Volunteers use trees as flood protection

Cumbria has experienced more than its fair share of flooding in recent years, but volunteers are hoping that their actions can put a stop to such disasters.

According to garden and greenhouse body the Royal Horticultural Society (RHS), 2,000 locally-sourced trees are being used to shore up riverbanks and lakesides to help reduce the risk of flooding.

The move comes after similar experiments on farms in Wales revealed that trees can make a marked difference in such areas.

Roots help bind the soil together to limit erosion, while the trees themselves soak up excess water to help reduce the impact heavy rain might have.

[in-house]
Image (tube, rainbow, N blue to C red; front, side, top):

The volunteers chose species such as the moisture-loving willow and alder to plant along the banks of the Derwent and Greta rivers at nine different locations in Cumbria.

Meanwhile, a similar government-funded project in North Yorkshire will see the Forestry Commission plant 15,000 trees over two years to help slow the flow of water coming off the moors.

In other news, a complete Roman village has been found under an RHS-recommended park in London, the organisation reported.